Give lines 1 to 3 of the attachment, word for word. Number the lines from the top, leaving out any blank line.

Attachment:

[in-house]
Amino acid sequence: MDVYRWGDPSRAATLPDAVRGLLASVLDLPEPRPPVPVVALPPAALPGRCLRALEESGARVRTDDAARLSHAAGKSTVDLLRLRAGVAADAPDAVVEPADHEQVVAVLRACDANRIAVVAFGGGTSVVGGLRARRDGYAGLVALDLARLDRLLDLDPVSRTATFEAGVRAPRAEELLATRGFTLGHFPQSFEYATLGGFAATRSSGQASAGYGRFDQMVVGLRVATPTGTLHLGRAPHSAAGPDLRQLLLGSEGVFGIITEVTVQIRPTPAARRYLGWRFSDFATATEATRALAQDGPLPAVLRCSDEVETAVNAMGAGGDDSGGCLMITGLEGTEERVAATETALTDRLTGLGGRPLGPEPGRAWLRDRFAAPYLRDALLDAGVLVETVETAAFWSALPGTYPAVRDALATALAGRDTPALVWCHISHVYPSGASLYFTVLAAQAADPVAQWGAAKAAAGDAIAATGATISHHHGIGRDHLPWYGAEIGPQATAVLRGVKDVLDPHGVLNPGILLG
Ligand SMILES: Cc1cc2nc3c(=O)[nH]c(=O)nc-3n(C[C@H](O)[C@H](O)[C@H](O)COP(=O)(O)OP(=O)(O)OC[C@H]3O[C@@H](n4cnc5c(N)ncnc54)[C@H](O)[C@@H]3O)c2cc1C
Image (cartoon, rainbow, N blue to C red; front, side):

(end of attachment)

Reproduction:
[in-house]
Amino acid sequence: MDVYRWGDPSRAATLPDAVRGLLASVLDLPEPRPPVPVVALPPAALPGRCLRALEESGARVRTDDAARLSHAAGKSTVDLLRLRAGVAADAPDAVVEPADHEQVVAVLRACDANRIAVVAFGGGTSVVGGLRARRDGYAGLVALDLARLDRLLDLDPVSRTATFEAGVRAPRAEELLATRGFTLGHFPQSFEYATLGGFAATRSSGQASAGYGRFDQMVVGLRVATPTGTLHLGRAPHSAAGPDLRQLLLGSEGVFGIITEVTVQIRPTPAARRYLGWRFSDFATATEATRALAQDGPLPAVLRCSDEVETAVNAMGAGGDDSGGCLMITGLEGTEERVAATETALTDRLTGLGGRPLGPEPGRAWLRDRFAAPYLRDALLDAGVLVETVETAAFWSALPGTYPAVRDALATALAGRDTPALVWCHISHVYPSGASLYFTVLAAQAADPVAQWGAAKAAAGDAIAATGATISHHHGIGRDHLPWYGAEIGPQATAVLRGVKDVLDPHGVLNPGILLG
Ligand SMILES: Cc1cc2nc3c(=O)[nH]c(=O)nc-3n(C[C@H](O)[C@H](O)[C@H](O)COP(=O)(O)OP(=O)(O)OC[C@H]3O[C@@H](n4cnc5c(N)ncnc54)[C@H](O)[C@@H]3O)c2cc1C